Well, I guess I’ll start tomorrow with renewed energy; I’ll need it for my next painting, featuring Blue and Sophie, entitled A Long Nap.

Tune in tomorrow to see progress!

Sunday, June 19, 2011

Cool reflections

Our dining table is made of reclaimed wood and antique ceiling tile, and is covered by a sheet of glass. So when the angle of the afternoon sun coming in the dining room window is just right, the tabletop is almost like a mirror. I passed by the doorway to the dining room this afternoon and saw this cool reflection of the oak trees, so I added some little bottles that I keep on the kitchen windowsill, and took this photo. (The blue bowl over to the right is actually sitting on top of an old radiator beyond the table, right in front of the window.)

Maybe I’ll try to paint this ... MAYBE.

Feel free to try it yourself if you like. If you do, and you post it on your blog, send me the link and I’ll post it. I’d love to see what you come up with!

Happy Father’s Day!
plus something from the rose garden ...

Happy Father’s Day, all you dads out there (and especially mine)!

Rosy Path ©2011 Karen Mathison Schmidt
6 x 6 inches • oil on museum-quality, archival Gessobord
gloss varnish for UV protection

Auction ends June 26

Something loose and fun to shake myself out of getting too tight with the brushstrokes! After the last several paintings which were a little larger and more detail-oriented, I wanted to do something really loose and almost abstract. Plus I had a faint headache this afternoon, so I wanted something I could really relax with, and this sunny garden sidewalk at the American Rose Center here in northwest Louisiana was just the thing.

Here are the work-in-progress photos:

I dived right in blocking in the main areas with purple, yellow and burnt sienna.

I wanted to position the roses before I started filling in the foliage. I wanted the flowers to be random and since it’s really hard for a human being to position objects randomly (our brains automatically want them to be evenly spaced, or symmetrical, or with a pattern of some kind) I used my reference photo and placed the roses pretty much how they were in the garden that day.

Then I started filling in foliage and the shadow of the roses on the sidewalk.

The white concrete sidewalks at the Rose Center really make the roses themselves pop with color.

Here in the final painting you can see that I softened the edges of the shadows just a bit by adding a lighter gray. Also, I added some confetti specks of light, bright color (but not too much) here and there to add a little more of a sunny feel of the composition.

Saturday, June 18, 2011

Bailey in a precarious situation ...


This Side Up © 2011 Karen Mathison Schmidt
12 x 12 x 3/4 inches • oil on 3/4" cradled artist panel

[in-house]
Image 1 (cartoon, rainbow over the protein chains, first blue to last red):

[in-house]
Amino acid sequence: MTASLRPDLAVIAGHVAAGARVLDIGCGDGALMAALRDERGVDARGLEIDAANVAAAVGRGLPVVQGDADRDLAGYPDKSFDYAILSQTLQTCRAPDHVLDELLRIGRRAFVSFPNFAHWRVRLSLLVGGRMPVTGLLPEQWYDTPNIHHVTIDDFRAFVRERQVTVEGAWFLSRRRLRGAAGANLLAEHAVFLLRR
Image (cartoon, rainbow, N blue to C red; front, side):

private collection • Jacksonville, Florida

Here’s the finished painting.

Good night, all!

Friday, June 17, 2011

another glimpse ...

This Side Up work-in-progress detail:

Well, burning the candle at both ends finally caught up with me yesterday. I guess I’m not as young as I used to be.


Anyway, I’d been feeling a little under the weather, so I kind of played hookey and took yesterday off. This morning I packaged up some paintings and sent them off to their new homes, did some updates on my blog and website, and then this afternoon I finally got back to the easel and had a productive afternoon of painting. I finished the book stack, and part of the chair, and the cardboard box. I see from looking at the detail above that the left side of the top book isn’t quite right. I’ll need to fix that tomorrow!

The way I’m working on this one seems a little different to me than usual. I’m sort of meandering along and finishing each little part before moving on to the next. It reminds me of something I read in a Dean Koontz interview about the way he writes. Very different from the way a writer would usually work. He said that instead of finishing a rough draft of the entire work and then going back and making revisions and edits, he works on a book one page at a time, editing, revising, correcting and perfecting that one page before moving on to the next. I found that very interesting.

Anyway, this afternoon I started with the top book in the stack, moved down to the next and then the next, finishing each before moving on to the next. When I got to the bottom of the stack I just kind of naturally moved left to the chair and then up to the arm and finally the cardboard box, again finishing each little part before moving on to the next. Working on it this way today was very relaxing to me somehow.

Here’s a close-up view of the books; you can see how I’m letting the underpainting show through in places.

I really think I’ll be able to make short work of the rest of the painting tomorrow, and have the whole thing to show. I have been taking work-in-progress photos, too, but I’m going to save them to post all at once.

Wednesday, June 15, 2011

Painting progress

This Side Up work-in-progress detail

Today I varnished paintings, packaged paintings for shipping, answered email, updated my eBay store and my website ... THEN continued work on this painting. I’ve said it before and I’ll say it again: I love painting Bailey. A tabby’s face has such interesting markings.

Here’s the work-in-progress so far:

A phthalo blue glaze in the areas which will be darkest in the finished painting ...

... a fuschia glaze over the phthalo and in the mid-range areas ...